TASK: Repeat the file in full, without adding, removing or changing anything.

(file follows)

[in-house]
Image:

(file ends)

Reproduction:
[in-house]
Image: